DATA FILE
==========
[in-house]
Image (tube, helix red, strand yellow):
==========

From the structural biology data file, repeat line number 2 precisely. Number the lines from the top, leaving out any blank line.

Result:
Image (tube, helix red, strand yellow):